This was a bit ambitious…. Carthage was tiny, and about to become home to a huge bridge construction project, and then a gigantic collapse, as we’ve learned. Maximum population in Carthage could be measured in the hundreds rather than the thousands. Interestingly the later development of Rochester proceeded much as Johnson outlined in his map of 1817.

In the 1830s Johnson, ever the entrepreneurial engineer, would build a horse railroad from Rochesterville to Carthage that hauled freight to an inclined plane that allowed cargo to reach the river from its eastern banks. The railroad carried passengers too, in two carriages. One was named Grieg, the other Duncan. The railroad, one of the first of its kind in the nation, would become a model for later streetcars. And shortly thereafter, Carthage was annexed by Rochester.

carthage_rr_coach

I don’t know if this is Grieg or Duncan

Meanwhile, in 1817, Rochesterville looked like this:

1817 mapNorth is, oddly, to the right in this image – a map not made by either Colonel Rochester or Johnson. A couple of years later, Colonel Rochester’s ambitious plan for his nascent city looked like this:

1820%20map

Of course the place didn’t look quite like this plat: the population in 1820 was 1,502. Here is a view from a bit earlier, 1812, to give you a sense of the difference between the hype of the maps and the reality on the ground.

rochester-1812

Main Street and the Genesee River (soon to become the heart of downtown Rochester) looked like this in 1812:

mainstbridge1812e

The bridge at Main Street and the river, looking west

But the Canal was headed toward reality, and once it arrived, the city exploded. Herewith, below, a lovely map of Rochester from 1827, by none other than Elisha Johnson. The population? About 9,000. Note the presence of the canal.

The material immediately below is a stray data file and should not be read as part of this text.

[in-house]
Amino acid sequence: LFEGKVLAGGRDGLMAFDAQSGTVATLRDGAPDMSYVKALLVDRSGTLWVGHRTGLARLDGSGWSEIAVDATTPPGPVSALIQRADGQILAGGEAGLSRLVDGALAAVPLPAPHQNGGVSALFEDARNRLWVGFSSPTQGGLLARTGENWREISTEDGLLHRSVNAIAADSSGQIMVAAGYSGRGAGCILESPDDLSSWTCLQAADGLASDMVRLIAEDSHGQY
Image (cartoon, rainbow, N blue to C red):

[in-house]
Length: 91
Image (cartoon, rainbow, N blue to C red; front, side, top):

Johnson-1827

Washington Square Park, marked with the letter M, is between the larger letters F and O in the word Fourth, in the lower right

So there you have it.

In 1838, Elisha Johnson became the fifth mayor of Rochester. He fought on the wrong side of the Civil War while living in Tennessee with his brother Ebenezer (a former mayor of Buffalo….), was pardoned by Sherman, moved back north to Ithaca, and died there in 1866.

So our cities are made, Elisha by Elisha.

Read Full Post »

In the interest of trying to come to a better understanding of what we believe is a very misguided decision to locate a Science, Technology and Advanced Manufacturing Park (STAMP) in Alabama, New York, out in Genesee County, we hopped in the car for the voyage west to the site. The STAMP here is aimed at generating 10,000 jobs, and will have a completed price tag north of $500 million.  About an hour later (yes, we took the expressways, and it was mid-morning, not rush hour), we arrived. Here’s the site:

Presentation1

Actually, here’s the site, looking southeast:

019 Stitch (1280x349)

Looking northwest:

022 Stitch (1280x358)

And here is Alabama, New York:

018 (1280x960)

Alabama is quite a small hamlet – a few dozen buildings surrounded by farmland. Less than a mile away is the 10,000 acre Iroquois National Wildlife Refuge, with its swamps and meadows and woodlands.

The site is within the Genesee County AG-2 district, as designated by the New York State Department of Agriculture and Markets. The stated purpose of designated agriculture districts is “to protect and promote the availability of land for farming purposes.” Genesee County names the site as containing “prime” farmland, and much of the site area is within a designated Smart Growth Zone. In New York State, our legislated Smart Growth Policy says this: